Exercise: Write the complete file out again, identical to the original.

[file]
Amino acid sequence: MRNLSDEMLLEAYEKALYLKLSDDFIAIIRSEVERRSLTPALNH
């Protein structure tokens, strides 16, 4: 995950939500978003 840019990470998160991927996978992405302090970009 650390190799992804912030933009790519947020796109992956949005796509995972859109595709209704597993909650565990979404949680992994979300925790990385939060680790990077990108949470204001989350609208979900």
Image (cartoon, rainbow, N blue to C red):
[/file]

Amino acid sequence: MRNLSDEMLLEAYEKALYLKLSDDFIAIIRSEVERRSLTPALNH
């Protein structure tokens, strides 16, 4: 995950939500978003 840019990470998160991927996978992405302090970009 650390190799992804912030933009790519947020796109992956949005796509995972859109595709209704597993909650565990979404949680992994979300925790990385939060680790990077990108949470204001989350609208979900």
Image (cartoon, rainbow, N blue to C red):